Which car will cost you less to own?
Is it cheaper to own a Toyota Camry or a Tesla Model 3 over five years? The only way to find out is to crunch the numbers.
Electric cars are expensive. In fact, while range anxiety and a lack of charging infrastructure in some areas are primary reasons many people don't buy electric cars, arguably the number one reason is the high starting price. Sticker shock can turn people away from virtually any product.
The Tesla Model 3 is one of the least expensive long-range EVs on the market today, with a starting price of $37,990. Notice we didn't say "just" $37,990. That's because $40,000 is a lot of money, especially for a smaller car. However, interestingly, according to Kelley Blue Book, the average purchase price of a passenger vehicle in the US in 2020 was $37,876.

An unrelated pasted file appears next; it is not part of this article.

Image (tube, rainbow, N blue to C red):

This means people are paying $40,000 for a new car, and not a new car that's necessarily going to save them a ton of money on fuel or maintenance. With that said, if a buyer is comparing the base Model 3's ~$40K price to a car like the sub-$30,000 Toyota Camry, which is a very highly rated gas car that's also available as a hybrid, there's a good chance they'll "save money" by picking the cheaper car.
If only buyers actually looked at a car's total cost of ownership, they may quickly learn that the car with the cheaper upfront price may not always be the one that's cheaper to own over time.
The video above dives into the total 5-year cost of ownership of the Tesla Model 3 and the Toyota Camry. It takes into account depreciation, taxes, fuel, maintenance, and more. Check out the video for all the details. Then, leave us a comment.